Speech Privacy experts, Charlie Roy and Steve Brooks, discuss the art and science of sound masking and its evolution into a digital solution that is being used to improve workplace acoustics, increase employee producitivity and satisfaction, offset the rising costs of corporate real estate, and protect confidential conversations.
While some people think of sound masking as white or pink noise, it’s actually neither. Sound masking contains no information, it’s just broadband shaped noise. The low-level, electronically generated sound is designed to mask the human voice, making speech unintelligible so confidential conversations aren't overheard and other people’s conversations aren't distracting.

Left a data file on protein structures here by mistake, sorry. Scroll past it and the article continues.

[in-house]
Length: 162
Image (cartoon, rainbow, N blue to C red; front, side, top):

Additionally, changes in corporate real estate have spurred more demand for sound masking solutions. Traditional office space is being replaced, by open, hard-floor environments due to cost and flexibility. Community office spaces such as WeWork, which offers collaborative workspaces that are open and full of reverberant hard surfaces, use sound masking to reduce distractions and allow occupants to enjoy a more peaceful workplace environment.